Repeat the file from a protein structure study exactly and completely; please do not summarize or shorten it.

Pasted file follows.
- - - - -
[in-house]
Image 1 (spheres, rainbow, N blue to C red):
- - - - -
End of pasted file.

[in-house]
Image 1 (spheres, rainbow, N blue to C red):